I have never been beaten that savagely, but growing up in the sixties and seventies I have been exposed to some racial violence. When i was twelve or so, I remember being attacked on a subway by two hoodlums who singled me out because I was a "spook."
But I never really had to face the kind of antipathy the Freedom Riders had to face. I have never felt like my whole world wanted me dead. Some close relatives have strong religious beliefs about homosexuality, but none have disowned me for being outspoken in support of basic human rights and dignity for LGTB people.
I feel blessed to live in this time, and I feel like my whole existence is owed to people like them and those who fought in the Great War.
Agreed. Last halloween, I dressed up in full drag as my costume and had a great time, until someone assaulted me for it in the washroom at the end of the night. He fractured my skull in 2 places, and it looked pretty bad, but in the end I was fine. It really just made me sad that that sort of hatred and judgement still exists in our place and time. My business partner is homosexual and because of his family's religious views didn't come out until he was 30. Having to hide who he was in order to be "accepted" is tragic, and really messes a person up emotionally. And others who carry such blind hatred around, it saddens me that I can heal in a week or two, but they're just broken human beings who may never get over that. One can only hope something happens to help them change...
The PBS series on this was breathtaking. I cannot imagine the bravery. Going to war overseas with a weapon at the behest of "leaders" pales in comparison to going into a mob unarmed to try to make a change in rights, knowing there is a really good chance you are going to be beaten to death without witness.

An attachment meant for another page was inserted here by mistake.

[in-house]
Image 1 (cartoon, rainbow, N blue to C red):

Not to diminish civil rights but the same mentality of those mobs is taken advantage of today by corporations to defeat free access to basic health care, cheap medication, etc. Then there is the mob mentality against freedom to marry, etc. When will a society grow above these things and when will "leaders" affect change without having to first be convinced what is the right thing to do.
I really don't think we need to rank the freedom riders against the people who stormed the beaches at Normandy, or even the 19 year olds who are manning the FOBs in Afghanistan. The degree of selflessness and bravery intrinsic in all those actions already pegs the meter; let's be thankful for that, instead of trying to design an even better meter.
I recognize there's probably an anti-war subtext to comments like yours, and I respect that sentiment and in many cases probably agree with it. But if we're going to take anyone down a peg for the dumb actions of the "leaders", let's let it be the "leaders".
Great question. My lone(?) perspective is that one of the great tensions within the hacker community is between striving for a pure meritocracy, which is a public Hacker Value, and having cosy little social cliques, which is how hacking is often practiced even if we disavow the idea of prejudice.
Many hackers of a certain age grew up when being a nerd wasn't hip, and identify strongly with civil rights. The fact that great hackers have come from different cultures speaks strongly to computes being colour-blind in a certain sense.
Thus, I personally see issues around social prejudices and civil rights to be of interest to some hackers in a way that transcends the admonition that politics usually doesn't belong here. Paul's essays about the social behavior of nerds often speak to these matters in smaller settings, such as corporations or high school.
That being said, the times change, and many people may not feel the same way about a connection between hacker culture and the fight against racial or cultural prejudices in society. I can appreciate an argument that goes the other way.
p.s. This has abruptly dropped off the front page. I suspect that either flagging or moderation has taken place.